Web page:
"Superb. . . . [Pun Ngai's] book exemplifies the strength, flexibility, and also limitations of neo-Marsixt sociology. -- Robert Skidelsky * New York Review of Books * "A remarkable book. . . . A vivid and persuasive first-hand account of life in China's factories in the late 20th century. . . . Anyone who cares about East Asia today, and tomorrow, should read [this book]." -- Bradley Winterton * Taipei Times * "Pun is at her best when delving beyond the surface to recount working women's attempts to impose meaning on a depreciated existence. . . . Poignant and enlightening is the author's effort to understand how women contest the brutal impositions of paid labor." -- Patricia Fernandez-Kelly * Signs * "Anyone concerned with the contemporary world economy, not just those with a specific interest in China, should find this book of interest. . . . [T]he book is written in a compelling manner with evident sympathy for the workers, which should make it more approachable to students." -- Alan Smart * American Ethnologist * "A much welcomed addition to the minor genre of studies on discipline, struggle and resistance, in that it returns agency to the worker by highlighting historical contingency, returning subject status to the post-Maoist Chinese female worker." -- Vera Leigh Fennell * Pacific Affairs * "Made in China is an important inter-disciplinary contribution to the body of literature on women workers. Development practitioners will find the rich empirical data, which corroborate some field reports, useful to shape policy. The book raises serious issues about the development path that China has embarked upon, and although Pun Ngai frequently emphasises geographic specificity, it will resonate with development studies scholars focusing on other regions of the world." -- Anibel Ferus-Comelo * Gender and Development * "Right now, anything that happens in China's economy affects all of us. Pun Ngai's book should be required reading. It is jam-packed with richly drawn and provocative insights mined from her fieldwork as a 'factory girl' in the midst of South China's migrant workers."- Andrew Ross, author of Low Pay, High Profile: The Global Push for Fair Labor "Made in China is a passionate, engaged ethnography. Pun Ngai provides us with a searing critique of how global capital, with the collusion of the Chinese state, is turning China into the sweatshop of the world. Her ethnography is a moving and angry description of the lives of young migrant women, who are the guts of this process. Through Pun's ethnographic eye, these women come alive as active subjects who confront the pain and trauma of the social violence inflicted on them in a complex poetics of transgression."-Lisa Rofel, author of Other Modernities: Gendered Yearnings in China after Socialism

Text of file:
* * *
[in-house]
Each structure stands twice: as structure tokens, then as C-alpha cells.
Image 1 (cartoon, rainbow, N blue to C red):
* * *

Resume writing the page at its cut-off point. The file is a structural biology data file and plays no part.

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About Pun Ngai

Pun Ngai is Assistant Professor in the Division of Social Science at the Hong Kong University of Science and Technology. She is coeditor of Remaking Citizenship in Hong Kong: Community, Nation, and the Global City and the founder and chair of the Chinese Working Women Network, a grassroots organization of migrant women factory workers in China.

For more information regarding the Chinese Working Women Network, please click here.
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Rating details

99 ratings
3.59 out of 5 stars
5 16% (16)
4 42% (42)
3 28% (28)
2 10% (10)
1 3% (3)